To carry on, hardcore smugglers needed more invention. They began to trade in smaller cargoes of higher value, sailed in smaller nippier boats called gigs, and used underwater barrels to get the goods ashore.
But the smugglers’ days were numbered. In 1822, various bands of revenue officers formed the Coastguard Service. The tin and copper industry became more lucrative locally, and moral attitudes began to shift as Methodism took hold in Cornwall. The final nail in the barrel was the Free Trade Act of 1842 which slashed taxes to the extent that legal brandy did not cost not much more than smuggled brandy. Getting caught was now just not worth the risk, and it really signalled the end of the old smuggling industry.
However, a visit to the fascinating Smuggler’s Museum in Polperro and you will find the illicit trade still actually continues in other forms today, notably drugs.
After your visit to the museum, enjoy some fish & chips from ‘Chip Ahoy’ while you dangle your legs over the sea wall and watch the fishing boats bob up and down in the quay.
Many local fishermen trade in Pilchards (sardines) during late summer and early autumn. Most are exported to restaurants around the Mediterranean. They require tons of salt to preserve them, so that helps out another local industry.
Further along the coast from you will find a hidden Cornish gem of a beach, Lantic Bay, perfect for a quick dip. Then you will come across another even smaller Cornish fishing village named Polruan. The writer Daphne Du Maurier lived here. She wrote her famous book Jamaica Inn about the smuggling trade. She also wrote The Birds here, which laterbecame famous as a film, now set in California and directed by none other than Alfred Hitchcock.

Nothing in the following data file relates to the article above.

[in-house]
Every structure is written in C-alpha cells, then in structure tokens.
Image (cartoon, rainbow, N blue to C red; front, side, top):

Smuggle your way to Polperro & Polruan and you won’t be disappointed.
Note: All sites mentioned were operating pre-lockdown. Please check relevant websites before embarking on any potential visit. Another recommendation will appear tomorrow.
For the very best in guided private tours of the UK visit www.yourlondontours.com
*Operators in the UK tour industry often separate the areas of the country according to what touring can be achieved in a region in one day. As a London-based operator, my ‘map’ spirals outwards from the capital and is separated thus:
- Northern Home Counties (Beds/Herts/Cambs)
- Eastern Home Counties (Essex/Suffolk)
- Southern Home Counties (Kent, Surrey, Sussex)
- Western Home Counties (Ox/Berks/Bucks)
- South coast (Hants/Dorset)
- Western England (Somerset/Gloucs/Wilts)
- South West England (Devon & Cornwall)
- Wales (north & south)
- Welsh Borders (Herefordshire/Shropshire/Cheshire)
- Western Midlands (Brum/Worcs/Warks/Staffs)
- Eastern Midlands (Northants/Leics/Rutland/Hunts)
- Northern Midlands (Notts/Derbys)
- East coast (Norfolk/Lincs)
- Yorks (all ridings)
- North West (Manchester/Merseyside/Lancs/Lakes/Cumbria)
- North East (Durham/Tyne & Wear/Northumberland)
- Southern Scotland (Borders/Lowlands)
- Northern Scotland (Highlands/Islands)
- Ireland (Northern/Southern)